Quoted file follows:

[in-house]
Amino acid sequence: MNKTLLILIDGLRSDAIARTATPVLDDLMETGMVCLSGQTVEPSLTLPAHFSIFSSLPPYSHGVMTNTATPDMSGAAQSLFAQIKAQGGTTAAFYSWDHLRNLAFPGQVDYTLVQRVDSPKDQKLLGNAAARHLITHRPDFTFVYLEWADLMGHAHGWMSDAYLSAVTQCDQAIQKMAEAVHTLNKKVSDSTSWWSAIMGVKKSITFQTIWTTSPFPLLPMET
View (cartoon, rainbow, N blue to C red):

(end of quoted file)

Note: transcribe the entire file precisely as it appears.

[in-house]
Amino acid sequence: MNKTLLILIDGLRSDAIARTATPVLDDLMETGMVCLSGQTVEPSLTLPAHFSIFSSLPPYSHGVMTNTATPDMSGAAQSLFAQIKAQGGTTAAFYSWDHLRNLAFPGQVDYTLVQRVDSPKDQKLLGNAAARHLITHRPDFTFVYLEWADLMGHAHGWMSDAYLSAVTQCDQAIQKMAEAVHTLNKKVSDSTSWWSAIMGVKKSITFQTIWTTSPFPLLPMET
View (cartoon, rainbow, N blue to C red):